9/11 anniversary: Muslim protesters burn US flag outside embassy in London

[deleted account] ( 16 moms have responded )

A number of radical Islamic groups including Muslims Against Crusades (MAC) gathered outside the embassy on the 10th anniversary of the attacks.

The group of around 100 men shouted "USA terrorists", brandished anti-American placards and chanted through a loudhailer.

Several members of the Muslim groups made anti-American speeches following the flag burning.

One said: "You will always face suffering, you will always face humiliation, unless you withdraw your troops from Muslim lands."

Another declared that America had been "defeated in Iraq and defeated in Afghanistan".

Members of the group publicly burned a poppy on Armistice Day in a similar stunt.

However, a small opposing group of Muslims - some of whom had travelled hundreds of miles to rebut the extremists - staged a counter-demonstration nearby, holding up placards reading "Muslims Against Extremism" and "If You Want Sharia, Move To Saudi".

Abdul Sallam, 41, who was waving a sign that read "Keep The Silence", travelled down to London from his home in Glasgow to show the strength of his feelings.

He said: "I'm a Muslim. What they're doing is bringing shame on all Muslims. This is not part of the teachings of Islam.

"Islam teaches you that when you see anything bad or evil, you should speak out against it.

"If the moderate Muslims all came out and spoke out, that would defeat them.

"I am proud to be British. I love my country. All these people are doing is breaking Britain apart."

One of the Grosvenor Square memorial service attendees, who did not want to be named, said the protesters should be stopped from standing just across the road from the embassy and using a loud megaphone.

The man, whose cousin died in the terror attacks, said: "They shouldn't be allowed to do it. It's very disrespectful. It's too loud."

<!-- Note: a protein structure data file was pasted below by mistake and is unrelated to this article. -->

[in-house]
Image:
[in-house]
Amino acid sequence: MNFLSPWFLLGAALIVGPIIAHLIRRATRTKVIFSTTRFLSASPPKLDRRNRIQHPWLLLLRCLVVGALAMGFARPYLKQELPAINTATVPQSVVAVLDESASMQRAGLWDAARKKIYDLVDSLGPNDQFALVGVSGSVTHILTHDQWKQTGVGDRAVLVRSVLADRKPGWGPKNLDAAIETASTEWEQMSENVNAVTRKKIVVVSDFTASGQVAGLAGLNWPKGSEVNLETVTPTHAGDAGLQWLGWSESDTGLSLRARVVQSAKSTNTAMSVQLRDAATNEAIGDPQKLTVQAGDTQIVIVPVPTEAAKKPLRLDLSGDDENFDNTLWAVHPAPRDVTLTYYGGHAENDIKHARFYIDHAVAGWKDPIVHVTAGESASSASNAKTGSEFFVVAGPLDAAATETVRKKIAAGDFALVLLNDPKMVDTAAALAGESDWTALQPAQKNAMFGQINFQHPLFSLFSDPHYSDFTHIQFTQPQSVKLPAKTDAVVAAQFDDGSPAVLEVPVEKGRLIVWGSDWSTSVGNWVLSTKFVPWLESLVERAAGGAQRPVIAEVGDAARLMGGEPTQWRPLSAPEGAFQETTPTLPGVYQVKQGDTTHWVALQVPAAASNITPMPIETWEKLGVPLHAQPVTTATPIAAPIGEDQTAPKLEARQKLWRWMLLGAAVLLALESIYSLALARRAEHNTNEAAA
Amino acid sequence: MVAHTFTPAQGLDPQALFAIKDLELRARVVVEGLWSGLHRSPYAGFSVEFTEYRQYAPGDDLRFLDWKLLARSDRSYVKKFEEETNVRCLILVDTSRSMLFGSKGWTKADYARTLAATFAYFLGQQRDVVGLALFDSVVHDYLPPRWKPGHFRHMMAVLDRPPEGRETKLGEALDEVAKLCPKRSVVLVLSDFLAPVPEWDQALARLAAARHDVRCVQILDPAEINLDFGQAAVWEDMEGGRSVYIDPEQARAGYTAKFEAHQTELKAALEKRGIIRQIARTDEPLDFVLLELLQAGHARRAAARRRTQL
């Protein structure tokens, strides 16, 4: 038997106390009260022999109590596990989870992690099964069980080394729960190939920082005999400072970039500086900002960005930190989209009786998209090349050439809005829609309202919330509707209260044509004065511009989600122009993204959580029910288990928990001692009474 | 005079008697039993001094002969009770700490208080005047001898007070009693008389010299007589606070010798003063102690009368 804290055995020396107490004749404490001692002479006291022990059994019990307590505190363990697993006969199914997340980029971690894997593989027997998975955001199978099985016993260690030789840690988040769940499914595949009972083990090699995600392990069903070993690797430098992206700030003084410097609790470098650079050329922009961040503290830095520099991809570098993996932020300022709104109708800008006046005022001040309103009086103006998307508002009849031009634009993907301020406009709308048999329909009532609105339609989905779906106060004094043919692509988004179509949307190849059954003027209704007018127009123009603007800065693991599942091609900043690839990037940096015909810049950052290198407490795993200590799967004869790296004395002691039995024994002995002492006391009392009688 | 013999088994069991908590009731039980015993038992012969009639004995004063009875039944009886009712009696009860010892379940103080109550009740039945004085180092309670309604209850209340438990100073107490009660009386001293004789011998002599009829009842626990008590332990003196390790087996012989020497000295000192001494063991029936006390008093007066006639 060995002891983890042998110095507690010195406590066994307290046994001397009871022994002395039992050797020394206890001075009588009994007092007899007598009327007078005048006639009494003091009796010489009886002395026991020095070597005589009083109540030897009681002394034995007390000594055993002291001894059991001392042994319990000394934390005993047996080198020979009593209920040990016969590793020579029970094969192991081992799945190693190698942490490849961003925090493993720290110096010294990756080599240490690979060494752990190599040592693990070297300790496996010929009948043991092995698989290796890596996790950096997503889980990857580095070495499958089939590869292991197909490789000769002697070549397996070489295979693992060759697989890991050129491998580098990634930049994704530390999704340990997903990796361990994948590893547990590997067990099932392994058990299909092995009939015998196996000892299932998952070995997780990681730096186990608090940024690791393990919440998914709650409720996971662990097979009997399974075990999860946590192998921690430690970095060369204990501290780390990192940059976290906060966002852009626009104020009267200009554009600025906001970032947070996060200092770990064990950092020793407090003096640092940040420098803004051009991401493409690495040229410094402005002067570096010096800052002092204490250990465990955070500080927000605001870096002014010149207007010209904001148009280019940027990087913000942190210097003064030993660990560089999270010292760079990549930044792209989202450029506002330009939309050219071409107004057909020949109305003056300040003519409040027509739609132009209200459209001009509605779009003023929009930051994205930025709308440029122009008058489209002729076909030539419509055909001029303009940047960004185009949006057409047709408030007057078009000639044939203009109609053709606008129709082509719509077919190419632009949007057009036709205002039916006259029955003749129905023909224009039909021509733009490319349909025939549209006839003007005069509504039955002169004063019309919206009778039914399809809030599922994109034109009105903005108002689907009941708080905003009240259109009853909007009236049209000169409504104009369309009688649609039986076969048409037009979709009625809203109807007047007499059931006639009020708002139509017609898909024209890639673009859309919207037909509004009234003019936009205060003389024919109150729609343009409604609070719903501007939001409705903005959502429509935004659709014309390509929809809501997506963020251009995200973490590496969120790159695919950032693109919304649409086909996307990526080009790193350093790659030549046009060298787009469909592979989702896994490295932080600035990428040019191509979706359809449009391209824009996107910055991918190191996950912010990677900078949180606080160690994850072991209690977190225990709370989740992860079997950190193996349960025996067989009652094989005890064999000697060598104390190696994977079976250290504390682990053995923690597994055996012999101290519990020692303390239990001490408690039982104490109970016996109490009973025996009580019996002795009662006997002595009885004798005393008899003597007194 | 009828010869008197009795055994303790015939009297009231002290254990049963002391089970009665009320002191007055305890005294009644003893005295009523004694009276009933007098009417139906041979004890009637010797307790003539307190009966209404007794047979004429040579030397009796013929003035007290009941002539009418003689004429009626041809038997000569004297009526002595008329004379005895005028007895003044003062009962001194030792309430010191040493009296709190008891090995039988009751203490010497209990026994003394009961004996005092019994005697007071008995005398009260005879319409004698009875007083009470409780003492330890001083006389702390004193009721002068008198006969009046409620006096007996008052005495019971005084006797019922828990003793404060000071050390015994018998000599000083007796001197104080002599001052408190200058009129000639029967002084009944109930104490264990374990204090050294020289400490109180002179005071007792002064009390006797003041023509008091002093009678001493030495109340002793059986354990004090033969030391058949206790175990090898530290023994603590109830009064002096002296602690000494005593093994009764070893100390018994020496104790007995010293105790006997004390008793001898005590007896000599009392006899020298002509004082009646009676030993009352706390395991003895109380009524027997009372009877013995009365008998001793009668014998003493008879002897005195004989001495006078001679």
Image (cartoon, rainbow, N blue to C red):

He added: "They can say what they want but not with the loudspeaker."

Earlier a group of right-wing English Defence League protesters, who had gathered in response to the demonstration, were ordered to move on to accommodate the MAC supporters.

The 60-strong group of EDL supporters briefly scuffled with police as they were forced away from their original location to a different part of Grosvenor Square.



JL - posted on 09/12/2011




"... I think that we should be eternally vigilant against attempts to check the expression of opinions that we loathe and believe to be fraught with death, unless they so imminently threaten immediate interference with the lawful and pressing purposes of the law that an immediate check is required to save the country." Justice Oliver Wendell Holmes, Jr.

There is a fine line that we have to always consider with Freedom of Speech concerning whether the speech is a legitimate form of expression or if it's a threat to public safety. In 1919 Supreme Court Justice Oliver Wendell Holmes, Jr. created the "clear and present danger test." The test set up the idea that the government has the right to curtail and limit any speech that the government can demonstrate that such speech represents a clear and present danger to public safety. Holmes in his opinion used the analogy of shouting Fire in a crowded theater.

The "clear and present danger test" has been the litmus test for protected speech and dangerous speech in the US. It does not cover slanderous or obscene speech because that is such a difficult area to discern because of morality and value differences. What one person may find obscene another may consider art but that is besides the point. The point is that tolerance of speech and the right to speech including speech we loath is one of freedoms Americans cherish.

One of things I have always found interesting with extremist groups is that often the purpose of using venomous speech and outlandish offensive acts of expression is to create a counter reaction that is violent or oppressive. Take the Westboro Baptist as an example.... police officers, FBI officials, and military intelligence agents that follow and keep an eye on them confirm that one of the main objectives of the group is to upset people enough that a violent reaction occurs in which they are physically harmed. In that case they could sue the government for not protecting them. Another goal is to push the government toward oppressing their speech which in case would allow them to sue the government. See the ultimate goal is for a successful court case against the US government where they win financial means from them. Remember those who lead that group are lawyers who are actually highly intelligent when it comes to the law. The places where the group has received the most angry reactions are the places they continually go back to in hopes of stirring up violence. It is the places in which they have been counter reacted against in peaceful means. In one instance they came to town met with choirs and peace groups. It is those places that the group no longer goes back to.